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Sunday, January 28, 2007

The Three Biggest Mistakes

Greetings, keepmeinsuspense folks!

My name is Jeff Gerke, a.k.a. Jefferson Scott. Thank you for the opportunity to be a part of the fun you guys are having here.

To briefly introduce myself, let me say that I have written and published six Christian thrillers (under the pen name Jefferson Scott) and two co-written nonfiction books. I have served on the editorial staff of three Christian publishing companies: Multnomah, Strang/Realms, and NavPress. I have worked equally in nonfiction and fiction, but am concentrating almost solely on fiction now. Currently I work as a freelance book doctor, editor, consultant, and writer (see my site).

In my years as an acquisitions editor, and now as a book doctor, there are some problems I have tended to see over and over in fiction manuscripts from unpublished authors. I thought it might benefit you to see what they are.

The first and most common problem I saw, and therefore the most common reason I rejected manuscripts, was that the author had not spent enough time developing the craft of fiction. Clumsy openings, boatloads of "telling," head-jumping POVs, poorly executed dialogue, etc.

If you want to be chosen for the New York City ballet, do you just decide to try out one day and go to auditions with your sneakers, gym shorts, and moderate dance floor skilz? If you did, you'd very quickly get asked not to come back. It would be laughably obvious to the people there that you hadn't taken the time to learn your art.

Same with fiction. It's great that you've written a book-length manuscript, but if you haven't taken the time to learn your craft, that fact will be painfully obvious to the agents and acquisitions editors who see it. They'll say, "Um, thanks but no thanks." And rightfully so.

There is a book you can get that, if mastered, will transform you from clumsy wannabe to publishable author in a very short time. I've written a short article about it on my site. Check out Tip #10.

The second most common problem I see is that I simply can't tell the characters apart. They all sound and seem the same. They do unrealistic things. They violate their own stated behaviors. Worst is when I've read a whole book and I couldn't tell you who the protagonist is or (simply from how the person talked and behaved) what he was like or even what gender he (or she) was.

I believe that most novelists fall naturally into one of two camps: character-first writers and plot-first writers. The former group has wonderful characters occuring to them all the time. These authors don't always know what to have their interesting characters do, but they have interesting characters all the same. The latter group gets plot ideas all day long, but their characters are usually flat, two-dimensional, stereotypical, and impossible to differentiate.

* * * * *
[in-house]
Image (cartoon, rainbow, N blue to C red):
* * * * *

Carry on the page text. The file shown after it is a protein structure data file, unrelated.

If you're in this latter group, you must concentrate on figuring out how to create better characters. So long as the woman is just in the story to be there when the truck blows up (to give the hero something to grieve), you're not there yet.

Because I'm naturally a plot-first guy, I've created a character creation system to help me develop rich, believable, and differentiated characters. I'm finding it's helping other people, too. Check it out.

The third problem I see a lot of is an almost total lack of descriptions. Characters and, primarily, settings are simply not described or are given the barest of verbiage: "They went outside."

If the author doesn't describe the place, the reader gets no mental image. Suddenly you'll have your character go to bed, but the author will be like, "Wait, I thought it was high noon."

Filmmakers get a lot of advantages the novelist doesn't. Simply by pointing the camera at a character and setting, the moviegoer gets all kinds of information about who this person is, what he's like, where he his, what time of day it is, what the weather is like, who else is there, etc. Novelists don't get that. They can say, "Joe came home and sat down" and the poor reader gets a total blank on what Joe or his "sitting down" looks like, much less the other information.

I've written a four-part series on how to write good descriptions. Check out Tips #5-8.

All right, suspense fans. That's enough for now.


Jeff Gerke


Blogger Ron Estrada said...

Thanks, Jeff. I'm definately a "plot" guy. They keep me up at night. However, I know I have to work on my character development, and I think I've come a long way. A good crit group can easily spot character problems.

Going to check out your links now.

12:30 PM  
Blogger Dineen A. Miller said...

Hey Jeff,
So great to see you here, able to share your knowledge and wisdom. Your site is so packed with stuff. Looking forward to hearing more. Blessings!

1:30 PM  
Blogger Candice Speare said...

Awesome advice! I have that book, Self-Editing for Fiction Writers, on my shelf. I'm going to pull it out again and reread it. I think I might be the character-first writer. Anyway, you've given me a lot to think about. Thank you.

1:46 PM  
Blogger C.J. Darlington said...

Thanks for these great tips, Jeff!

12:26 PM  

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